It took until the late 1800's, and into the mid-1960's, for many colleges to transition to coeducation. In the Victorian Era men and women and men were viewed as having vast intellectual and emotional differences. The idea of coeducation posed a serious threat to this way of thinking. Some of the worries people had about women being educated among men include:
- Women would suffer nervous breakdowns if they were to compete in a man’s world.
- They would be corrupted and lose their purity.
- Their reproductive systems may be harmed.
- A learned woman might be an unfit mother and wife.
- Education would masculinize women.
- If men and women associated together in college they may begin to find each other less attractive. (9)
Dr. Edward Clarke stated, “A woman’s body could only handle a limited number of developmental tasks at one time – that girls who spent to much energy developing their minds during puberty would end up with undeveloped or diseased reproductive systems” (10).
Many of the early coeducational institutions arose in the Midwest. Iowa and Wisconsin were among the first states to open coed colleges and universities in 1855 and 1863 respectively. Most of the other states in the Midwest and west also accepted the idea of coeducation and followed in the practice, while states in the east remained slow to change.
In the East, where coeducation was a slower process, “coordinate” colleges began opening. Coordinate colleges were female institutions which were affiliated with established men’s colleges. These included Radcliffe at Harvard, Barnard at Columbia, and Pembroke at Brown.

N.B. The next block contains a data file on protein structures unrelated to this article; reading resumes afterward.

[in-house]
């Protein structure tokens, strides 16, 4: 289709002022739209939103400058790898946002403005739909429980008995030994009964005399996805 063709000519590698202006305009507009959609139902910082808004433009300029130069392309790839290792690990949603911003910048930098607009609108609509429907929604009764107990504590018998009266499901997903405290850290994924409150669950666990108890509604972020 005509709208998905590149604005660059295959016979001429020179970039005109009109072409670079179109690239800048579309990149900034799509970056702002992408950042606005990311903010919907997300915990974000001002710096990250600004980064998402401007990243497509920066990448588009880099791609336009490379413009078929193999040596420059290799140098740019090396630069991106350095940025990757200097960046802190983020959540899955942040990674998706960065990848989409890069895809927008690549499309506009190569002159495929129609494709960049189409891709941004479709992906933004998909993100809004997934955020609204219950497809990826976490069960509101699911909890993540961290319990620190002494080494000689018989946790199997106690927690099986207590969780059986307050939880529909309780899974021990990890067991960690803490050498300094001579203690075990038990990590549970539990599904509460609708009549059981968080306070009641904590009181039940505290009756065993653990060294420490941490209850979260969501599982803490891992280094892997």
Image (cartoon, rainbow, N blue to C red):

Radcliffe College began as “Harvard Annex” in 1879. Although the Annex was formed in very close proximity to Harvard College, the two remained distinct. The Annex was transformed into Radcliffe College in 1894 by Elizabeth Cary Agassiz, who served as Radcliffe’s first president. Coeducational classes were started in 1943, during World War II. But it wasn’t until 1963, 327 years after Harvard opened, that women were able to receive degrees at Harvard.
Even after women were allowed admission in coeducational institutions they still faced many challenges. Many of the classes were segregated and some classes that were offered for men were not offered for women. Also, women were rarely allowed to participate in extracurricular activities such as musical groups, debate societies or other clubs. At the University of Wisconsin, women were forced to wait to be seated until all of the male members of the class were in place. At the University of Missouri women were only allowed to enter the library at times when there were no males present.